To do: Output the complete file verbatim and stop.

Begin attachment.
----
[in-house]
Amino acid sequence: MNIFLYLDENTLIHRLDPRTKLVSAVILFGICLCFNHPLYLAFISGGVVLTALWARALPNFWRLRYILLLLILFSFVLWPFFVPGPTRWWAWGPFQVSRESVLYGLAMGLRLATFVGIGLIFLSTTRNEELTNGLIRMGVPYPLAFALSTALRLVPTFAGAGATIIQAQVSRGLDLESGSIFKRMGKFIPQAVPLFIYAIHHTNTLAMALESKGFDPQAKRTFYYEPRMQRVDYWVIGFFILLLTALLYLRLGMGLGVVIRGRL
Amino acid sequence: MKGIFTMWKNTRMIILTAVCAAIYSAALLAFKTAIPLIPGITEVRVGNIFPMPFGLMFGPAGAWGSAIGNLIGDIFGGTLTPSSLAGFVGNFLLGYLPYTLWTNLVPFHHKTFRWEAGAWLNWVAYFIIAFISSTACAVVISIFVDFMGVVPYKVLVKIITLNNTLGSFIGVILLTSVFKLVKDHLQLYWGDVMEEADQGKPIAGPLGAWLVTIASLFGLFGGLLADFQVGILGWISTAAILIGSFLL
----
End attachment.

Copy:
[in-house]
Amino acid sequence: MNIFLYLDENTLIHRLDPRTKLVSAVILFGICLCFNHPLYLAFISGGVVLTALWARALPNFWRLRYILLLLILFSFVLWPFFVPGPTRWWAWGPFQVSRESVLYGLAMGLRLATFVGIGLIFLSTTRNEELTNGLIRMGVPYPLAFALSTALRLVPTFAGAGATIIQAQVSRGLDLESGSIFKRMGKFIPQAVPLFIYAIHHTNTLAMALESKGFDPQAKRTFYYEPRMQRVDYWVIGFFILLLTALLYLRLGMGLGVVIRGRL
Amino acid sequence: MKGIFTMWKNTRMIILTAVCAAIYSAALLAFKTAIPLIPGITEVRVGNIFPMPFGLMFGPAGAWGSAIGNLIGDIFGGTLTPSSLAGFVGNFLLGYLPYTLWTNLVPFHHKTFRWEAGAWLNWVAYFIIAFISSTACAVVISIFVDFMGVVPYKVLVKIITLNNTLGSFIGVILLTSVFKLVKDHLQLYWGDVMEEADQGKPIAGPLGAWLVTIASLFGLFGGLLADFQVGILGWISTAAILIGSFLL